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Pehuenche (or Pewenche) are an indigenous people of South America. They live in the Andes, primarily in present-day south central Chile and adjacent Argentina. Their name derives from their dependence for food on the seeds of the Araucaria araucana or monkey-puzzle tree (pehuen or pewen in Mapudungun).[1] In the 16th century, the Pehuenche lived in the mountainous territory from approximately 34 degrees to 40 degrees south. Later they became Araucanized and partially merged with the Mapuche peoples. In the 21st century, they still retain some of their ancestral lands.

Pehuenche groups participated in various armed conflicts in the 17th and 18th centuries, usually by "descending" from the mountains to the western lowlands of Chile. As such they attacked the Spanish around Maule River in 1657,[2] the Mapuche in January 1767,[3] and the Spanish of Isla del Laja on late 1769.[4] In the 1860s amidst the Chilean invasion of Araucanía the Pehuenche declared themselves neutral.[5] The Pehuenche chief Pichiñán is reported to have spoken against the Moluches, who wanted war, claiming that they engaged in robbery and received for that just punishments by Chileans.[5] Historian José Bengoa claims Pehuenche neutrality was indebted to the fact that their lands in the Andes were not subject to colonization.[5] However the encroaching Argentine and Chilean advances was such that in March 1881 Pehuenches assaulted the Argentine outpost of Chos Malal killing the whole garrison of 25–30 soldiers.[6]


A Spanish writer first described the Pehuenche in 1558:

These people do not sow. The sustain themselves by hunting in the valleys they occupy. There are many guanacos, jaguars, cougars, foxes, small deer, and mountain cats and birds of many species. They use bows and arrows for hunting. Their houses are four poles covered with skins. They move from place to place and have no permanent habitation...Their clothes are blankets made of animal skins.[7]

That writer did not mention the primary food source of the Pehuenche: the harvest of the seeds of the monkey-puzzle tree (Araucaria araucana), locally called Pehuen.[8]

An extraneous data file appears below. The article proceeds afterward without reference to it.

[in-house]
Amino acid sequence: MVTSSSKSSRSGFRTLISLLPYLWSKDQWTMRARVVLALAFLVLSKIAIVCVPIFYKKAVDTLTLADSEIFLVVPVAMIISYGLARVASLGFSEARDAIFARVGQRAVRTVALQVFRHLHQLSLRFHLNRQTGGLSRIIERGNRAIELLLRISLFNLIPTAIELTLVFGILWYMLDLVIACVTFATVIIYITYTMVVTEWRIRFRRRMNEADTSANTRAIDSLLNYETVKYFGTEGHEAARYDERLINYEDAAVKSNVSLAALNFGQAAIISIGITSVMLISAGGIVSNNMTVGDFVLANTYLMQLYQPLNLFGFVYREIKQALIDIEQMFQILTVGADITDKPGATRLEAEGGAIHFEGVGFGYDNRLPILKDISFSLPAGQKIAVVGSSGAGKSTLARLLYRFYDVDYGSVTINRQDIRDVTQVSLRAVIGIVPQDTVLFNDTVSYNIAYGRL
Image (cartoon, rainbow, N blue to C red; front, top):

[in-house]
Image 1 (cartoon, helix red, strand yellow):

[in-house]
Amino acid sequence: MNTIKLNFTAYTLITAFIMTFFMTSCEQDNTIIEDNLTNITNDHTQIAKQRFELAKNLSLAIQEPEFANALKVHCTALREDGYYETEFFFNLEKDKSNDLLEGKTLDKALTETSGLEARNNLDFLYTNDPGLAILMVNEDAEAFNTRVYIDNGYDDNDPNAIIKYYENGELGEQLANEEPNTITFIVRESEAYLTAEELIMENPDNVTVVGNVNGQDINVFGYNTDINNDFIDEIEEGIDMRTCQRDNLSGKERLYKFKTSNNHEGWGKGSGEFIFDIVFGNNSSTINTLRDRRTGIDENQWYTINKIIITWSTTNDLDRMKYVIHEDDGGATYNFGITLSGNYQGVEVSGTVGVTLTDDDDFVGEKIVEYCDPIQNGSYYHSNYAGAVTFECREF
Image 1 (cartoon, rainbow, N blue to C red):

The Pehuenche adopted horse meat into their diet after feral horses of Spanish origin reached the eastern foothills of the Andes. These herds had developed in the humid pampa, after the Spanish abandoned Buenos Aires the second time in 1541.[9] At first, the Pehuenche hunted horses as any other game, but later they began to raise horses for meat and transport. To preserve horse meat, they sun-dried it to make charqui ("jerky").

Juan Ignacio Molina wrote in his Civic History of the Kingdom of Chile (1787) that the language and religion of the Pehuenche were similar to those of other Mapuche, but he described their dress as distinct. The men wore skirts rather than trousers, as well as earrings and mantillas. Molina described them as nomadic ("vagabond" in his words) and the most industrious and laborious among "all the savages".[10]

See also[edit]


  1. ^ Canale, Antonella; Ladio, Ana H. (March 2020). "La recolección de piñones de pewen (Araucaria araucana): Una situación significativa que conecta a niños mapuches con la naturaleza" [Harvesting pewen (Araucaria araucana, monkey puzzle tree) seeds: a significant situation that connects Mapuche children with nature]. Gaia Scientia (in Spanish). 14 (1): 14. doi:10.22478/ufpb.1981-1268.2020v14n1.47620. hdl:11336/108775.
  2. ^ Pinochet et al. 1997, p. 82.
  3. ^ Barros Arana, 1886, p. 236.
  4. ^ Barros Arana, 1886, p. 312.
  5. ^ a b c Bengoa 2000, pp. 189-192.
  6. ^ Bengoa 2000, p. 293.
  7. ^ Torrejon G., Fernando (2001), "Variables Geohistoricas en la Evolucion del Sistema Economico Pehuenche durante el Periodo Colonial", Revista Universum, Universidad de Talca, No. 16, p. 222
  8. ^ Aagesen, David L. (Jan. 1998), “On the Northern Fringe of the South American Temperate Forests: The History and Conservation of the Monkey-Puzzle Tree,” ‘Environmental History’, Vol. 3, No. 1, pp. 67-69
  9. ^ "Revista Universum Año 16-2001". Archived from the original on 2009-03-13. Retrieved 2009-01-03.
  10. ^ Juan Ignacio Molina (1787). Civic History of the Kingdom of Chile, pp. 222-226